During the medieval period in Japan, the equipment that bushi1 (warriors) possessed while heading to the battlefield were both specific and strategic. Along with bearing the weight of armor, they carried many items on their person, for they were trained to be resourceful. Along with the more larger, primarily used weapons, such as the yari (spear) and yumiya (bow & arrow), smaller weapons and tools were kept close for quick deployment in the right situation. A particular weapon that is a good representation of this methodology I’d like to touch upon today is one called metezashi2.
A metezashi is a short bladed weapon liken to a tantō, which nowadays is translated meaning “knife”. It is believed to have been derived from an older weapon called the sasuga3 (dagger). The metezashi came about sometime around the Muromachi period (1336 – 1573), after the Ashikaga clan claimed the shogunate. During this period, the warrior class claimed more power than other social classes, placing more emphasis on controlling territory and their neighbors through military strength. Changes in how large battles were approached were taking place as well, where tactics relying heavily on long range assault were being adjusted to incorporate more upclose melee assaults. Bushi engaged more in skirmishes with medium to close range polearms and swords, with a thirst to test their combative skills. This is where the metezashi comes into play.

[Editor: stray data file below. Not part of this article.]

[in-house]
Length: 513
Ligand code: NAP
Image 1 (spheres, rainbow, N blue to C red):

By design, the metezashi is a one-handed, single edged weapon, with it’s blade length said to measure under 1 foot. The blade has little to no curve to it, due to its use as a stabbing implement. It is categorized as a koshigatana4, meaning a small bladed weapon carried around the waist. Unlike the tachi5 (battlefield sword) and the wakizashi6 (short sword), the metezashi was worn on the right side of the waist usually inserted into the obi, as it was meant to be used in the right hand. Like its bigger counterparts such as the tachi, it is generally designed with the same koshirae7 (fittings), from an itomaki8 (handle wrap) to a tsuba9 (handguard), although in most cases the tsuka was a smaller, rounder design. The saya10 (sheath) may even have a kurikata11 (small mount with a hole for the sageo12, or cord in English, to pass through), although placed on the right side due to being carried on the right side of the body.
Having such a short reach, the metezashi was primarily used in close quarter combat, as a tool for stabbing. The common scenario to illustrate its use is in the case where 2 armor-cladded warriors have no weapon in hand and are locked in a clinch with each other, struggling to topple one another13. When one of these 2 warriors can get the upper hand and either flank the other off balance, or perform a takedown, he can pull out his metezashi and thrust it into one of the gaps in the opponent’s armor14 for the kill. In other cases, the metezashi could also be used for assisting fellow warriors subduing enemy troops down to the ground to finish them off, such as for claiming an enemy’s head as trophy of battle15.
2 examples of koshigatana from museums in Japan. Click on each of the pictures above for descriptions.